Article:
100 Books That Defined the Decade
For good, for bad, for ugly.
Piper Kerman, Orange Is the New Black: My Year in a Women’s Prison (2010)
Two hundred women, no phones, no washing machines, no hair dryers—it was like Lord of the Flies on estrogen.
Essential stats: The most important stat about “nice blond lady” Kerman’s extremely buzzy memoir of her time in a women’s federal prison is, of course, that it was adapted into the long running television show (2013-2019) of the same name, which in the New York Time’s look back at the decade in culture, Wesley Morris called “the best show on TV, in any format.” It was Netflix’s most watched original series this decade. In fact, many reviewers concluded that the show was much better than its source material—but then again, the show had a lot more time.
What did the critics say? Opinions were mixed. In Slate, Jessica Grose wrote:
If you pick up Kerman’s book looking for a realistic peek inside an American prison, you will be disappointed. Orange Is the New Black belongs in a different category, the middle-class-transgression genre. . . . The tales of these well-educated women follow essentially the same narrative arc: Girl is bored, girl seeks titillating transgression, girl regrets, girl renounces prior misdeeds, girl lives happily ever after. The girl never serves out a life sentence carving deadly points on toothbrushes or ends up a strung-out old lady on a street corner.
J. Courtney Sullivan was somewhat gentler in the Chicago Tribune, calling it “a perceptive, if imperfect inside look at our criminal justice system and the women who cycle through it.”
Ok, so the real import of the book is the show. What made that so good? As TIME’s TV critic Judy Berman wrote, Orange Is the New Black is the most important television show of the decade because not only was it good, but it smashed all the molds around it:
When it came to representation, this wasn’t merely the first prestige show since The Wire built around poor and nonwhite people—or the rare program intended for a general audience that featured more than a token queer regular. It also endowed each of these characters with stereotype-defying specificity. In 2014, when this magazine declared that America had reached a “transgender tipping point,” Laverne Cox’s breakthrough role as trans inmate Sophia Burset made her the face of that moment. For once, women whom mainstream society habitually ignored were being represented in pop culture as individuals with virtues and flaws, rather than as a monolithic mass of degenerates or vixens.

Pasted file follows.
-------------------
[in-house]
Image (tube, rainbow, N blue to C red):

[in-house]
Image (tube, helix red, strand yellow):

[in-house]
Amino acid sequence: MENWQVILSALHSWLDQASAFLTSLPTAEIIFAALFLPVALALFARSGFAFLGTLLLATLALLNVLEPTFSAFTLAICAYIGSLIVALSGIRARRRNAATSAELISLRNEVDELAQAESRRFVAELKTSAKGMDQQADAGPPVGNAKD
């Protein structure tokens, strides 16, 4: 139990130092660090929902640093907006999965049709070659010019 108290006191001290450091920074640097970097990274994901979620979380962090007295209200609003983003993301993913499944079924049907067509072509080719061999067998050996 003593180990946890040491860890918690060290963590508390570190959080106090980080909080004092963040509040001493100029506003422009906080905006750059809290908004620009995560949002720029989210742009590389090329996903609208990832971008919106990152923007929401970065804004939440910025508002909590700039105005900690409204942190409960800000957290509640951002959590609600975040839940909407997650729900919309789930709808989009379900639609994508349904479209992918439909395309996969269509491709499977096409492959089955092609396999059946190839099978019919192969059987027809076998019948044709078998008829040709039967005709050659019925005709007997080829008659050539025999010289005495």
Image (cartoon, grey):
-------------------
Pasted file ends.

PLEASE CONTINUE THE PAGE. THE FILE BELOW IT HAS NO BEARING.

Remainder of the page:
The show’s mix of gallows humor and high tragedy disrupted genre categories to the extent that the Emmys moved it from comedy to drama between Seasons 1 and 2. And over the years, its unflinching depiction of the American justice system has both mirrored and catalyzed intensifying debates around mass incarceration, private prisons, systemic racism, economic inequality and police violence against people of color. Some of these story lines have been controversial: Kohan got blowback for having a guard kill Samira Wiley’s bighearted Poussey Washington at the end of Season 4. Maybe the point was that even Litchfield’s gentlest inmate could be a casualty of police brutality, but many fans just saw another black body sacrificed in service of a plot twist. Still, the conversations that have come out of Orange’s perceived missteps have felt as vital as the ones around its successes.
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